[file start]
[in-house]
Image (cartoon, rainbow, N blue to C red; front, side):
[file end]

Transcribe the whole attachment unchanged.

[in-house]
Image (cartoon, rainbow, N blue to C red; front, side):